To make matters worse, Harry shares a common room with Draco Malfoy, the one person in the school who he has already made an enemy of, and has Severus Snape, a man who openly hates him, as a head of house. And given that Malfoy isn’t the only child of a death eater in the Slytherin common room it’s fair to say that Harry isn’t gonna be held up as the hero he would be seen as by the rest of the school had he been put in a different house. Even if the hat thinks Harry belongs in Slytherin the rest of the house would have no problems letting him know that they disagree.
How would Harry react to this constant suspicion from outside and open dislike from within? Well, what does he do whenever Malfoy antagonises him in the books? He tries to fight, only to have Ron and Hermione pull him back. Without either of them around him his quick temper and his pride are gonna get him into lots of fights, and the Slytherins don’t play nice. And so halfway through a miserable first term, wondering whether his new life is really any better than the one he left behind, little Harry reaches a breaking point and decides he isn’t going to let anyone walk all over him anymore. So he throws himself into his studies, showing a real aptitude for duelling and defence against the dark arts, as he does in the books. So next time Malfoy or some other Slytherin bully picks a fight with Harry, he’s ready for it with a spell of his own- not a Fred and George Weasley approved playground joke jinx but a real curse, something that does some serious damage and gets him in real trouble. But the rest of his class learn not to mess with him and even start to fear “The Boy Who Lived”.
Meanwhile Harry shows the same skill at flying his Gryffindor self did. He probably still rescues Neville’s remembrall- not out of sympathy for Neville, who he has never met, but rather to spite his rival Malfoy- and ends up getting selected for the Slytherin quiddich team and excels there just as much as in the Gryffindor team. Another thing Harry retains is his disregard for rules and authority, but whereas the Gryffindor mindset tempers this into a righteous-rule-breaking-to-help-those-in-need kind of mentality, in the cutthroat Slytherin world Harry quickly learns that breaking the rules earns him respect, and develops a contempt for the teachers who try to rein him in.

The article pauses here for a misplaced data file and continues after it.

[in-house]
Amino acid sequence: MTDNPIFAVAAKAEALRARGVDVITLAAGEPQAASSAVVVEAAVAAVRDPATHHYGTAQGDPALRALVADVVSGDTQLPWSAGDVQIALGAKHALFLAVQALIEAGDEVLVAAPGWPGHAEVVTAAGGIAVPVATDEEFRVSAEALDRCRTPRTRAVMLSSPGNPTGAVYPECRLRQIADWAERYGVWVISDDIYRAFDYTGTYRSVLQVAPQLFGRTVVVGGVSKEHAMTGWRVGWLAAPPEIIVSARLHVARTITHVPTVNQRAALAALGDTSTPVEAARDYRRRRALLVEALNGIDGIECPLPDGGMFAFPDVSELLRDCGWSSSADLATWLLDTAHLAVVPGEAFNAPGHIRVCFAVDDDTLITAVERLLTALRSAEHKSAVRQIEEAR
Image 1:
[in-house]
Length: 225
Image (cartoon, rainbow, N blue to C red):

So this is the Harry we have: a bitter loner respected and feared by his classmates for his fabled past and for his prowess with wand and broomstick. He burns his bridges with Ron the moment he steps onto the quiddich pitch against Fred and George and he probably never speaks to Hermione, but he might enlist himself a couple of acolytes from the Slytherins, or maybe even steal Crabbe and Goyle from Malfoy when they see that he is tougher then Malfoy is. This badass with a lightning scar quickly earns a fearsome reputation around Hogwarts as a troublemaker and someone you don’t want to pick a fight with, and the teachers look on with dismay and knowingly say to each other “It’s no surprise he ended up in Slytherin. Look how he’s turned out!”
A Very Different Story
How does this version of Harry react to the events of the books? I think the first major point of divergence would come when Harry finds the Mirror of Erised. He still sees his parents and family in the mirror, but finds no comfort in it. All he feels is grief that he has let them down by becoming a Slytherin. How ashamed they must be, he feels. Slowly this grief turns to resentment- resentment that his family abandoned him, anger that they left him with impossibly big shoes to fill, and hatred of the one who caused it. Harry looks in the mirror and sees everything that has been taken from him, and vows he will never let it happen again. Having already been told that, as a Slytherin, he is a power-hungry and unscrupulous person deep down, he decides that the only rational thing to do is make sure he is the most powerful. With enough power, he can save anyone from death.
So Harry embarks on a mission to make himself the most powerful wizard who ever lived, in the hopes he can use the dark in him as a force to protect what he cares about. But the change to his character isn’t so dramatic that he’d want to take the Philosopher’s stone for himself by the end of his first year. He may be a bit of a jerk but he’s not a psychopath, and he’s still got no love for Voldemort. So his propensity for meddling means that he ends up uncovering Quirrell’s attempt on the stone and stopping Voldy’s first bid for resurrection.